Why improved goaltending must be key to Sharks turning season around

Chelena Goldman

For the Sharks to have success moving forward, the team is going to have to channel the performance they had on Thursday against the Winnipeg Jets as well as Tuesday night against the Chicago Blackhawks.

Well, except that maybe Martin Jones should channel everything except the last couple of minutes of both of those games, since the opposition found the back of the net. 

Through three games so far on the current six-game homestand, the Sharks have played two games in which they've felt good about their defensive effort and the offensive push that followed. Both of those games, however, also featured the opposing team scoring goals late in the game that made things all too interesting.

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There's no denying it.

If San Jose is going to have any chance of turning the season around, the goaltending needs to be a lot better. 

This isn't to say the team getting outscored 58-40 is entirely the fault of Jones and backup Aaron Dell. The Sharks' five-on-five play has had trouble establishing a rhythm through the first month-plus of the season and has struggled as a unit to find the back of the net. Meanwhile, the defense has struggled with finding its identity right up until Tuesday's game when Radim Simek returned to eat up some minutes and balance out the blue line's responsibilities. With the team in front of them having trouble, it would be hard for any netminder to completely keep the team in every game.

But in two games where the Sharks have played up to their potential, the effort between the pipes hasn't quite matched. Jones gave up the game-winning goal to the Jets with 1:24 left in regulation last Thursday after San Jose's offense outshot Winnipeg 39-15 in the first two periods alone. Then on Tuesday against Chicago, Jones surrendered a shut-out bid with the Sharks up 3-0 by allowing two goals within 68-seconds at the end of regulation.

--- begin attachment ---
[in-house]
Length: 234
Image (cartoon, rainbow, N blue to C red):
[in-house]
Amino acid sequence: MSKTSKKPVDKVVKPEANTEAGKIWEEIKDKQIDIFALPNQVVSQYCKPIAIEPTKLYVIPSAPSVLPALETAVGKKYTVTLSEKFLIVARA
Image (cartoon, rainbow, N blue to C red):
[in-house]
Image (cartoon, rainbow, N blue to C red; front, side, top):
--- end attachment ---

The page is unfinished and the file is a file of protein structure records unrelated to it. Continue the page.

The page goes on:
While both of those games were Jones' starts, Dell isn't completely off the hook. He has followed up his brilliant start in Montreal last month with two starts that have left little to be desired. 

Sharks can't afford another season where goaltending can't get the job done. Since the Sharks were scoring more goals last season, they were able to stay competitive in their division and then get all the way to a Western Conference Final despite not having the best tandem tending twine. But the Sharks aren't scoring as many goals so far this season -- ergo, the contingent between the pipes has less wiggle room.

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This is the goaltending group the Sharks have to work with -- at least for the foreseeable future. There have been questions as to whether the Sharks might consider calling up Josef Korenar from the Barracuda, but there's no guarantee the rookie netminder's 1.82 GAA will translate seamlessly to the NHL level. For now, San Jose needs to work with what they have. 

With the Sharks as far down in the standings as they are 16 games into the season, every facet of their game has to turn around if they're going to somehow climb out of the hole they're in. They won't be able to make any kind of a climb if the goaltending doesn't tighten up as well. 

Why improved goaltending must be key to Sharks turning season around originally appeared on NBC Sports Bay Area

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